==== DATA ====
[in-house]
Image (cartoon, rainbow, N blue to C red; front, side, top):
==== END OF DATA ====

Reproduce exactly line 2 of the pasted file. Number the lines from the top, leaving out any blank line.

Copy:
Image (cartoon, rainbow, N blue to C red; front, side, top):